New York has an interest in this action since the plane landed in New York immediately following the allegedly injurious turbulence. Puerto Rico, however, has several interests in this action. First, both plaintiffs are residents of Puerto Rico so Puerto Rico has an interest in defining their rights, liabilities and remedies. Second, as the plane departed from Puerto Rico, Puerto Rico has an interest in a case that hinges on whether defendant negligently let Flight 1290 fly from Puerto Rico into stormy weather rather than grounding that flight. Such a grounding would have caused disruption of Puerto Rico's air traffic system and related ground support facilities and services. Therefore, a decision resting liability on an airline for not grounding an aircraft in Puerto Rico would directly affect Puerto Rico's interests in safe, orderly and efficient air transportation. In contrast, New York, as the destination of Flight 1290, would be less affected by the delay of a single, or even a few, aircraft en route from Puerto Rico. Even if plaintiff argued that defendant was negligent in failing to steer around the weather system, this Court cannot see how such an argument would increase New York's interest in the adjudication of this suit.

Third, although neither plaintiffs nor defendant specifically state where plaintiffs purchased their tickets, this Court is comfortable in finding that plaintiffs purchased their tickets in Puerto Rico. This conclusion is based on the fact that plaintiffs live in Puerto Rico and their journey began in Puerto Rico. In addition, plaintiffs' attorney implied that the tickets were purchased in Puerto Rico when she argued, in opposition to defendant's motion to transfer venue to Puerto Rico, that it was "irrelevant" where the ticket was purchased. (Plaintiffs Affirmation in Opposition at pp. 3-4). Thereby indicating that the fact that plaintiffs purchased their tickets in Puerto Rico should not be considered against plaintiffs in establishing cause to transfer the case to Puerto Rico. As this Court finds that plaintiffs purchased their tickets in Puerto Rico, Puerto Rico has an interest in any disputes arising out of the duty created by that transaction. Even if plaintiffs did not purchase their tickets in Puerto Rico, however, the domicile of the plaintiffs and the origin of the flight coupled with New York's limited interests, compels a finding that Puerto Rico has a greater interest in this action.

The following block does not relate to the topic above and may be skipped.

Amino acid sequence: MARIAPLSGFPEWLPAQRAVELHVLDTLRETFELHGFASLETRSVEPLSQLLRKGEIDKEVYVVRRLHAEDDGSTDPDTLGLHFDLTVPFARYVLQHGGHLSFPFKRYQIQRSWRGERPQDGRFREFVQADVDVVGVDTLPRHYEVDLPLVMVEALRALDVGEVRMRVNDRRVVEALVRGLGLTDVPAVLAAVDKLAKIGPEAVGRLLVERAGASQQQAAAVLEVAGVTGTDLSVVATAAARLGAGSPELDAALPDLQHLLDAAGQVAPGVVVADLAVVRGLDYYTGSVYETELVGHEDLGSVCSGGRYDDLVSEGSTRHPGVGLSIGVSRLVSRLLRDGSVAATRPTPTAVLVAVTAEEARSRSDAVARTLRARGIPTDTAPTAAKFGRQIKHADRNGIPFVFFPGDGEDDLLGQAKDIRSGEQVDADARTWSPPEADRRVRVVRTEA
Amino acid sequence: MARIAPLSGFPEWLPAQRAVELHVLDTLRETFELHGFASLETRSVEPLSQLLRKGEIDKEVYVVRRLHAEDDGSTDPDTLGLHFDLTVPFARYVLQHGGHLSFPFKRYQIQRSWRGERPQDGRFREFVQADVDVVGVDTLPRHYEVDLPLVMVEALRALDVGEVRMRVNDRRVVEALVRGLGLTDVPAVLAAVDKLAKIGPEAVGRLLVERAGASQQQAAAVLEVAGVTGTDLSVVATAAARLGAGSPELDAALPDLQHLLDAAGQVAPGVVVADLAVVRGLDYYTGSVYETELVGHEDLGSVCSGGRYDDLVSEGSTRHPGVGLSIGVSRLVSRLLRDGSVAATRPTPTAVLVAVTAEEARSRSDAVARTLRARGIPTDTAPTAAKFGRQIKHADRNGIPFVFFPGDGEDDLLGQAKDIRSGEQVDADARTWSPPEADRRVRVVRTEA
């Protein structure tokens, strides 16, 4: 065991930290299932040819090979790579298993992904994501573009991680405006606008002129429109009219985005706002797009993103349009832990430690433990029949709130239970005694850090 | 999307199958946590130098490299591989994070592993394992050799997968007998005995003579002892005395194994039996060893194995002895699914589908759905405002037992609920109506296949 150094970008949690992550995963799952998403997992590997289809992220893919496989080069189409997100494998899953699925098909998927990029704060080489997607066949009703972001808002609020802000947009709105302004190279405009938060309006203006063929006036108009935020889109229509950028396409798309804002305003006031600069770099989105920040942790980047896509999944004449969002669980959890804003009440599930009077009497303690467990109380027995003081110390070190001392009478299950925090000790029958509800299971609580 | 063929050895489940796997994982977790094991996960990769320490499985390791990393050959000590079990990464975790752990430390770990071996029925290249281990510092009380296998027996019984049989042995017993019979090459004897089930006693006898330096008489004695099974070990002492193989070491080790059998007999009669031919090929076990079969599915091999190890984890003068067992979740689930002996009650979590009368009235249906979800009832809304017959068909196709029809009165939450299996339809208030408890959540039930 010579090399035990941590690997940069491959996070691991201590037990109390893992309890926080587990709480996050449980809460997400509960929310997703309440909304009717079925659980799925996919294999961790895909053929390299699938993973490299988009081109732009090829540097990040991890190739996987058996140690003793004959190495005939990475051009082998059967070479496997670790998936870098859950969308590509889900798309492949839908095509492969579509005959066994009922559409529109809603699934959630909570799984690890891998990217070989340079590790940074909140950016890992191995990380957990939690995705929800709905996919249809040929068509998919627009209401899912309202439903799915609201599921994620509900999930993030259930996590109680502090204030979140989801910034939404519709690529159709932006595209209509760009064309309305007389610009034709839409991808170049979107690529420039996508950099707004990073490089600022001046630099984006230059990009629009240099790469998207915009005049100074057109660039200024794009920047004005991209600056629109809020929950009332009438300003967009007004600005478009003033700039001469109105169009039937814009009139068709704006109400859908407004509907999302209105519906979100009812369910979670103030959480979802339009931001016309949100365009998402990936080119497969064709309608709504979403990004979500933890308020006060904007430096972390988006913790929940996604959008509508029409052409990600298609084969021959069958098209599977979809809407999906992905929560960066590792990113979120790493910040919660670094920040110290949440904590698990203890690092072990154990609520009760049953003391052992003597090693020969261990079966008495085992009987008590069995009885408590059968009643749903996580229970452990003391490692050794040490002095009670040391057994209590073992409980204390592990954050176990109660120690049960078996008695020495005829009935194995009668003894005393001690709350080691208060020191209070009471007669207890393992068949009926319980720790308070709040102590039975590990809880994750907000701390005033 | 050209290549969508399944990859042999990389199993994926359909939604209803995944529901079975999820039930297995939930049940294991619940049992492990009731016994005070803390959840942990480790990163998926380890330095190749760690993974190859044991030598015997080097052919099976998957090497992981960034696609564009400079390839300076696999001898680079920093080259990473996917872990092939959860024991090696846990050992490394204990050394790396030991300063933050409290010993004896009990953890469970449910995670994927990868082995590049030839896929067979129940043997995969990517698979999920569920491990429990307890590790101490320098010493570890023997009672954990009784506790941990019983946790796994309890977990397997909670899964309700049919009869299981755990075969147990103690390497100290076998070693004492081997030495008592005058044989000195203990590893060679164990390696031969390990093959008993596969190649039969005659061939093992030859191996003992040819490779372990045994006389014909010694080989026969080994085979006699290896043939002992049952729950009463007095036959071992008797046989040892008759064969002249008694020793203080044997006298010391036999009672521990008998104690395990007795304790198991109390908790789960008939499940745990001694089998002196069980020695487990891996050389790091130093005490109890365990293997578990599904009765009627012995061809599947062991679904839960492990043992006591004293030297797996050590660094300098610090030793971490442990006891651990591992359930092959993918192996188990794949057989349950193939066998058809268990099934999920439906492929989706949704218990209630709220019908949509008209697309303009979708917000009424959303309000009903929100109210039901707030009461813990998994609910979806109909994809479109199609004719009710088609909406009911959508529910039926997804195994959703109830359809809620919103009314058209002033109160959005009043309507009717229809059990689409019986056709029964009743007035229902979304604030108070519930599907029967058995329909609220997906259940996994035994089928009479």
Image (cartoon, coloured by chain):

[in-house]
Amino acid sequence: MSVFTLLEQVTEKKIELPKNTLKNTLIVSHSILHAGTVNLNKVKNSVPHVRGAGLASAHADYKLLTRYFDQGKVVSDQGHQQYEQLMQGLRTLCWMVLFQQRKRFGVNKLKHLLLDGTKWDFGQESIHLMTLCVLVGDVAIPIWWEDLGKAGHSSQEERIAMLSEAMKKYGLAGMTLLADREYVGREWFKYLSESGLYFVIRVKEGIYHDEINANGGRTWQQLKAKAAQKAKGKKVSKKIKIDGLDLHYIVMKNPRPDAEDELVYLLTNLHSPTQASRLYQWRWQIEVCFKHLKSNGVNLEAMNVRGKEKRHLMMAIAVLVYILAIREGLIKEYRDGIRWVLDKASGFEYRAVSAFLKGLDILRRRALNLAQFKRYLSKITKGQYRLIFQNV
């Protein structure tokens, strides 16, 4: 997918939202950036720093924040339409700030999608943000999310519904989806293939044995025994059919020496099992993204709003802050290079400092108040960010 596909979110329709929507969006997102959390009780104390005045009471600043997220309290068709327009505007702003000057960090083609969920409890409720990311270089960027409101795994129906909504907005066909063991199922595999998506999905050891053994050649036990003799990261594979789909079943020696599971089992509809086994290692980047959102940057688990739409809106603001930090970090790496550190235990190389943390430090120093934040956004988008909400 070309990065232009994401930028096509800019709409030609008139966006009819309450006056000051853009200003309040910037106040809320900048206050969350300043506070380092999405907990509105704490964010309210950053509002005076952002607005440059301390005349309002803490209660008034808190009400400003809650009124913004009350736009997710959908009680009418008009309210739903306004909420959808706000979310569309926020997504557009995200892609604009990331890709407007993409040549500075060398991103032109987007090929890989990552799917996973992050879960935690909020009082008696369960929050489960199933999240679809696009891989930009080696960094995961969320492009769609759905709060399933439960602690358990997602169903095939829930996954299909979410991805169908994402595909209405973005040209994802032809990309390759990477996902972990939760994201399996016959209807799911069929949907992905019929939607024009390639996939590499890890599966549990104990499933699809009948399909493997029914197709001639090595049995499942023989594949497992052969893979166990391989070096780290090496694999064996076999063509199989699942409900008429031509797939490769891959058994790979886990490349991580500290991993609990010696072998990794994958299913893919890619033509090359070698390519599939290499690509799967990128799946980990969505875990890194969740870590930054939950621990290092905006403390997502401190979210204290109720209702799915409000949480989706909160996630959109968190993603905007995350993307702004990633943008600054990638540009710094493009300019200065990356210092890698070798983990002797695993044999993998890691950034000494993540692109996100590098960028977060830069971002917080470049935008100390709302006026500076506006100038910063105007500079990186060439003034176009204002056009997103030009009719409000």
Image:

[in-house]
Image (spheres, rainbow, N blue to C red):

In sum, after weighing the interests in this action, the slight and attenuated interest of New York pales in comparison to the substantial and long standing interests of Puerto Rico. Therefore, it is this Court's recommendation that Puerto Rico's statute of limitations apply to this action. Given that application, *115 plaintiffs' action should be dismissed as time barred pursuant to CPLR § 202.

Any objections to this Report and Recommendation must be filed with the Clerk of the Court, with a copy to the undersigned, within ten (10) days of receipt of this Report. Failure to file objections within the specified time waives the right to appeal the District Court's order. See 28 U.S.C. § 636(b) (1); Fed.R.Civ.P. 72, 6(a), 6(e).


Dated: Brooklyn, New York December 28, 1995. NOTES

[1] The term "plaintiff" and "plaintiffs" will be used throughout this Report and Recommendation. The term "plaintiff" refers to Teresa Callazo.

[2] In the interval between plaintiffs' request and the date the documentation was due, plaintiffs' attorney was suspended from the practice of law. See Matter of Stuart B. Cassell, N.Y.L.J., Dec. 8, 1995, at 4. An apparent consequence of the suspension was the failure of plaintiff to submit the additional documentation. Neither plaintiffs' counsel nor his office, however, contacted this Court regarding the former's suspension or his decision not to submit the documentation. Indeed, despite repeated phone calls from this Court to plaintiffs' counsel's office and a November 29, 1995 letter advising him that failure to submit the additional documentation or to contact this Court regarding substitute counsel by December 7, 1995 would result in this Court deciding defendant's motion without the additional documentation, neither plaintiffs' attorneys' office nor substitute counsel ever contacted this Court.

[3] Although there is an exception to CPLR § 202 where the action is accrued in favor of a New York resident, that exception is inapplicable since plaintiffs plainly concede that they are residents and domiciliaries of Puerto Rico. See Compl. ¶ 2.